For Journalism Students, Lessons to be Learned in Coverage of Trump’s Election

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In my journalism classes on the morning of the election, I was imparting some received wisdom to my students. “If you see North Carolina go for Hillary, then it’s all over for Trump. It should be an early night,” I told them, confidently.

How wrong I was.

Of course, I wasn’t alone (not that that’s any consolation). From the polling organizations to Nate Silver’s to the country’s major news outlets, many, it seems, missed not just the boat but the entire lake by a pretty wide margin.

Jim Rutenberg put it this way in The New York Times:

“The country’s major news organizations, as surprised as anybody by Donald J. Trump’s ascension to the presidency, faced a question from their audiences on Wednesday that was laced with a sense of betrayal and anger: How did you get it so wrong?”

Journalists Out of Touch?

I’m not a polling expert so I’ll leave that end of things for others slice and dice. As for the news business, the post-mortems have focused mostly on major news organizations. A common refrain is that reporters ensconced in newsrooms in Manhattan or Washington were woefully out of touch with Trump’s growing core of support in places like the hill towns of Appalachia or rustbelt cities in the Midwest.

As media columnist Margaret Sullivan wrote in the Washington Post:

“Journalists — college-educated, urban and, for the most part, liberal — are more likely than ever before to live and work in New York City and Washington, D.C., or on the West Coast. And although we touched down in the big red states for a few days, or interviewed some coal miners or unemployed autoworkers in the Rust Belt, we didn’t take them seriously. Or not seriously enough.”

Sullivan makes a pungent point about reporters from elite news outlets parachuting into Trump strongholds for brief forays. But she’s being parochial when she claims that most journalists ply their trade in the corridors of power in major metro areas.

In fact, with some 1,300 newspapers still operating across the country, most journalists still work for small and medium-sized publications and websites. News outlets like these don’t get much attention nationally, but some of them may have been more attuned to the Trump’s rise than their big-city brethren.

A Feisty Local Website

Tom Sofield is the founder of, a scrappy news site that obsessively covers the blue-collar town in the suburbs north of Philly. In an area seen as a bellwether for presidential elections, Sofield says he saw support for Trump growing early on.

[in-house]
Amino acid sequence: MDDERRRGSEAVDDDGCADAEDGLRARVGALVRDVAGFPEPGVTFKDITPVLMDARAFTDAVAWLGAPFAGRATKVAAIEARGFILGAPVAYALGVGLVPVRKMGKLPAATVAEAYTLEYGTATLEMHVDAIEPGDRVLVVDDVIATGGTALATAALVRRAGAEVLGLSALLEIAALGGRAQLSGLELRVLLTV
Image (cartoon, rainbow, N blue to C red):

“During the primary, I spoke to voters in (nearby) Bristol Township who voted for all Democrats except for Hillary,” Sofield told me. “Many said they were planning to vote for Trump in the general election. Although Clinton won the Levittown area, Trump seemed to have lots of support.”

Recalling campaign stops in several local towns, Sofield added: “When Mike Pence visited Bensalem, he received a huge crowd of close to 2,000. The Tim Kaine rally in Newtown seemed to have trouble drawing more than 500.”

As we spoke, Sofield was banging out a story on a lifelong Democratic committee member who was one of Trump’s biggest local supporters. “He’s been saying his blue-collar Democratic friends were voting for Trump,” Sofield said.

Coverage at Charlotte’s Major Paper

At the much-larger Charlotte Observer, columnist Eric Frazier admits that his paper was surprised by Trump’s victory.

“What we didn’t see was the lack of support for Clinton, especially after the Democratic convention, when she and Sanders had supposedly papered over their differences,” Frazier said. “The young people still weren’t buying what she was selling.”

But with North Carolina being a key swing state, the Observer’s journalists produced an enormous amount of campaign coverage.

“We had both candidates and their surrogates here more times than I can count,” Frazier says. “I think having both campaigns so active here likely meant that we ran more copy on the campaign, as both kept holding press conferences and having events. Plus you had to think and report about how the national campaigns were affecting downballot races, and vice versa.”

Lessons for Aspiring Journalists

Frazier says there are clear lessons for journalists in the way the campaign coverage played out.

“Even in an age of sophisticated data and social media, there’s no substitute for good old fashioned shoe- leather reporting,” Frazier says. “Let data and social media guide you to the people at the center of the issue/story, but never mistake data and social media for the real story. The story with a human being at the center of it is always the one that will move people the most.”

Sofield says he’s learned never to “underestimate voters who are passionate about their candidate. And try not to lose sight of your mission of reporting on all the candidates without bias.”

He adds: “Report independently and don’t follow everyone else. Don’t be afraid to ask tough questions of people who have popular and unpopular points of view. And talk to more people than just the politicos.”

Indeed, that’s pretty much what I was telling my journalism students the day after the election. After analyzing the results and critiquing the news coverage, I simply said this:

Get out of the newsroom. Hit the streets. Knock on doors. And talk to real people.

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